In a push for aiding Ukraine’s recovery after the devastating conflict with Russia, Penny Pritzker, the US special representative for Ukraine’s recovery, emphasized the potential of frozen Russian sovereign assets to play a crucial role.
“Given the destruction that the Russians have caused to Ukraine… they ought to be contributing to the recovery,” Pritzker affirmed during a press briefing on Wednesday. The statement underscores the stance of the US government and its intention to harness these assets for Ukraine’s rebuilding efforts.
‘It Will Never Happen,’ Says Ukraine Experts
However, a Ukrainian legal expert has suggested the idea is unlikely.
“Russia should not only contribute to the recovery of Ukraine, but compensate all the victims of this war for the damage and suffering,” Tetiana Khutor, chief of the Kyiv-based legal think tank Institute of legislative ideas told 19FortyFive on Thursday.
“But it will never happen, as long as justice is a hostage to the legal deficiencies and fear of developed countries for their financial interests.
“Unfortunately, the US has not shown its leadership in matters related to the using Russian sovereign assets even after 1.5 years of full scale invasion. Despite some efforts, not seeing support from the US, the EU does not want to risk their financial stability all alone.
“So, the only way to eliminate the caution about the legal and financial risks is to take collective actions by all the G7 members and transfer all the frozen money to one fund. It will give an opportunity not only to keep that money frozen but also to gain profit (2-3 billion dollars per year) and forward it to Ukraine in the nearest future.
“As long as the US will step back from taking or at least supporting resolute decisions, everyone will pay for the recovery except for Russia.”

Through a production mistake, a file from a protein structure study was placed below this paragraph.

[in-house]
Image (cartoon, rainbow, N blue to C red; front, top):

Advocating for Utilizing Frozen Assets
The freezing of approximately $300 billion worth of Russian sovereign assets by Western nations was a response to Russia’s full-scale invasion of Ukraine in February 2022. Now, there are calls for these resources to be used effectively to support Ukraine’s journey towards recovery and stability.
Pritzker stated on Wednesday, “Legally, how one gets that done is something that’s being worked on,” highlighting the ongoing discussions and planning to navigate the legalities and logistics of allocating these frozen funds.
Global Financial Repercussions
While the idea of redirecting the frozen assets to aid Ukraine gains traction, it has prompted a division of opinions among nations and financial institutions.
The European Central Bank and other entities have expressed caution regarding the legality and potential ramifications of such a move. This marked difference in perspective underscores the complexity of navigating the financial and legal landscapes in international affairs.
Solidarity and Rebuilding Ukraine
The conflict in Ukraine has left a trail of devastation, not just in terms of lives lost but also extensive damage to infrastructure and the economy. Last September the World Bank suggested that the cost of rebuilding Ukraine could be approximately $349 billion,
The utilization of frozen Russian sovereign assets to fund Ukraine’s postwar rebuilding may be seen by many as a step towards shared responsibility and international cooperation to help Ukraine rebuild its future, but it remains far from uncontroversial or imminent.
Georgia Gilholy is a journalist based in the United Kingdom who has been published in Newsweek, The Times of Israel, and the Spectator. Gilholy writes about international politics, culture, and education.
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